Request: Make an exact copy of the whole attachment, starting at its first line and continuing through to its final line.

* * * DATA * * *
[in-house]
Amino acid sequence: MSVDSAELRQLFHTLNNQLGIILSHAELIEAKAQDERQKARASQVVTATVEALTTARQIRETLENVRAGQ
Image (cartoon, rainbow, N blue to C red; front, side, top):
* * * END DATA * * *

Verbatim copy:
[in-house]
Amino acid sequence: MSVDSAELRQLFHTLNNQLGIILSHAELIEAKAQDERQKARASQVVTATVEALTTARQIRETLENVRAGQ
Image (cartoon, rainbow, N blue to C red; front, side, top):